Final touches as technology buffs arrive for Web Summit
Summit opens today with 20,000 expected from 109 countries
Preparations for the web summit under way in the RDS, Dublin, as the technology conference opens its doors to the public today. Photograph: Stephen Collins/Collins Photos
When the first Web Summit took place in 2010, it didn’t register on many people’s radars. Founded by Paddy Cosgrave, Daire Hickey and David Kelly, it attracted just 500 guests. This year it will boast 20,000 attendees. More than 18,000 overseas visitors from 109 countries have landed in the capital for the event, which kicks off in the RDS today.
Amid the celebrities – such as U2 frontman Bono, Hollywood actor Eva Longoria, supermodel Lily Cole and footballer Rio Ferdinand – there will be more than 100 of the world’s top tech chief executives, 700 investors and more than 2,000 start-ups. Between them, they have booked 13,000 hotel rooms and B&Bs and will use 87 venues across Dublin city.
“Not only does it bring in great business for Dublin but it does much more for brand Dublin and brand Ireland. It presents Ireland as an innovative and creative place to visit and do business,” says Fáilte Ireland’s John Concannon.
Concannon also points to the international media coverage. Last year, Fáilte Ireland welcomed more than 1,400 journalists to Ireland, generating an estimated €79 million in advertising value. “The sheer scale of media it attracts is staggering and they are all coming from very well-known publications and news organisations. They will cover the Web Summit, but a lot of them will also cover Ireland.”
Companies that have opened offices in Ireland, directly as a result of the Web Summit, include Smartling, Qualtrics, Wonga, Quantcast and Nordeus.
Translation software firm Smartling co-founder Jack Welde says: “I went to a founders’ dinner [organised by the Web Summit] in New York. I was really impressed with Paddy Cosgrave. I couldn’t believe the amount of top NYC entrepreneurs he knew. I got chatting to him and ultimately came to Ireland for the Web Summit.”
He says the big draw was the chance to make connections with other chief executives and founders through the various side events and night summits surrounding the technology conference. “When we were looking to expand the company, we considered London and Berlin, but ultimately chose Dublin as we knew the city and people in the city through the Web Summit,” he says.
Smartling opened its first European office in Dublin six months ago.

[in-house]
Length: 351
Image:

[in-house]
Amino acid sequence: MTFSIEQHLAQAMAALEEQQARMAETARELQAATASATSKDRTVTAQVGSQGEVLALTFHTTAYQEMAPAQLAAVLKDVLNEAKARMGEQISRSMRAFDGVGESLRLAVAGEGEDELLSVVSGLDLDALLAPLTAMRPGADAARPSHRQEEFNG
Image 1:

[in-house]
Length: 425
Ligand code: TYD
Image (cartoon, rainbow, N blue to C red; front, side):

The Web Summit has also allowed the IDA to develop relationships with businesses, which helped attract a number of emerging technology companies to the country, according to the agency’s Barry O’Dowd. Such is the importance of the event to the IDA that O’Dowd says the agency is bringing its international team home from places such as New York, Silicon Valley, Frankfurt and London for this week’s conference.
“It allows us to build relationships with investors,” says O’Dowd. “They are important to us in terms of networking. We also work to attract foreign VC firms to set up in Ireland.”
Huge investment deals have also occurred as a result of the event, one being venture capital funding of €26.5 million which ride-sharing app Uber secured following a meeting with investor Shervin Pishevar in Dublin.
The summit has been criticised as being an event for the tech elite, one that is expensive for start-ups to attend. However, Cosgrave says the event is much cheaper than American conferences of the same size, which can charge in the region of €5,000 for start-ups. “We charge them €400 per ticket and they get a free stand with that,” he says.
While it does charge bigger tech firms a fixed fee of €9,950, it is free for many early-stage start-ups.“We gave away €250,000 worth of tickets to women in tech. We have 3,500 secondary school students coming to our Tuesday night event. We have 5,022 third-level students and recent graduates signed up for our Wednesday night event.”
The two events, which are free to students, will include speakers such as Dropbox founder Drew Houston, Google’s vice-president of engineering Anna Patterson and Silicon Valley Robotics managing director Andra Keay, and aim to teach students about careers in technology and entrepreneurship.